As the COVID-19/Coronavirus outbreak has increased, and life as we know it seems to be changing by the second beyond our control, parents are really struggling. A lot. I knew right away we needed to have a conversation with Dr. Ken Ginsburg, pediatrician and adolescent expert from The Center for Parent and Teen Communication at the Children’s Hospital of Philadelphia.
He was one of our favorite podcast guests of 2019 (our sound engineer called him “a modern day Mr. Rogers”) and whether you’re raising kids or teens or even young adults, I know this conversation will be a huge source of expert help, resources, and reassurance at a time we could all use more of it.
It’s no exaggeration to say that this episode is a must-listen.
Tip: Say “I don’t know” if you don’t know the answer. We’re not trying give false reassurances, we’re trying to build safety and predictability.
I think what’s particularly important is to recognize that managing Coronavirus as a parent is not just about checking in on how our kids are feeling physically, or telling them to wash their hands nonstop. It’s also being aware of the emotional toll it may be taking as life is disrupted.
There are all kinds of of gatherings and events being cancelled, and of course, an increasing number of schools that are temporarily closing or moving to online learning around the country. And while it’s all done for good reason, it doesn’t make it easier on kids.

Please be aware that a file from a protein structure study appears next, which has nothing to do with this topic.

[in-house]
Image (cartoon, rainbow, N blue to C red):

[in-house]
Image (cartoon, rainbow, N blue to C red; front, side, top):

My social media and IRL community of parents are sharing such heartbreaking stories of cancelled school trips and spring break vacations, recitals and school plays, spelling bees and Junior Olympics swim meets. Even the cancelation or postponement of a birthday party can be devastating for a child, and it may hard to know what to say when our kids have been looking forward to these events for weeks or months.
We can’t so easily dismiss it as, “oh, there will be more parties.”
And that’s where Dr. Ginsburg comes in.
I really hope this conversation helps give you lots of the help and support we’ve all been looking for, and to even see some positive, longterm changes that can come out of it for families.
As Dr. Ginsburg offered in this helpful mantra: Difficult times are an opportunity for human connection. This is a time for us to strengthen our families.”
Please listen right now.
Some of the important topics we discuss about managing Coronavirus fears in our kids
– It all starts with how we behave as parents; how to moderate your own anxiety, be careful about oversharing information, and practice co-regulation to be the calming influence our kids need.
– How to trust and validate kids’ fears, feelings and experiences — what to say and what not to say
– How to help our partners, spouses or own parents who may be “oversharing” or panicking.
– Positive, helpful ways to talk about lots of aspects of the current situation
– Reframing time home as extra time home as a family
– Acknowledging FOMO and social isolation challenges that impact kids differently
– “The language of resilience.”